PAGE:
From the 1970s on, the power of these developing technologies is unleashed and the battle for the future begins. The revolutionaries recognize that corporations and governments are institutions that will wield electronic technologies not to build communities but to control them. Media theorist Marshall McLuhan reveals how electronic media make the world into a "global village" that fully connects all humanity—perhaps too closely, and with power in the hands of perhaps too few. Activist Abbie Hoffman argues in word and action that the information age can bring with it a free society, based not on competition but on cooperation.
Visionary Ted Nelson conceives of a global hypertext system in which information is linked associatively and nonlinearly and is disseminated through personal computers worldwide. He imagines it neither censored nor controlled by any government or corporation. In the early 1990s physicist Tim Berners-Lee creates the World Wide Web, designed from the start as an open, free network. Meanwhile, hackers Richard M. Stallman and Larry Wall create "free software," or "open source" code, to save, and then foster the spirit of collaboration among programmers that is threatened by software companies. Their alternative is to keep code open and available for the entire programming community to develop, modify, and use. Anyone with a personal computer can tap in and contribute to a repository of information. This becomes a new paradigm for the creation and distribution of knowledge in the twenty-first century.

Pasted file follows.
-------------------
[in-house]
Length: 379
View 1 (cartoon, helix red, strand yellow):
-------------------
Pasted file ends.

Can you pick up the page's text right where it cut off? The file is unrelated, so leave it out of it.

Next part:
Commerce encroaches on the Web, and in the mid-1990s the largest corporations are those that control electronic media and software. The threat of authoritarian governmental regulation looms over the personal freedoms that the technologies enable. Software activist Eric S. Raymond and legal scholar Lawrence Lessig explore the reasons for hope and fear as the information architecture becomes as important to society as laws and roads. There can be a society that thrives on the competition, not control, of ideas, but wrongminded corporate and governmental regulation could make information technologies even more controlling than the machines in industrial mills. Without intelligent regulation to keep the information architecture open and interactive, technology could become the means of oppression instead of empowerment.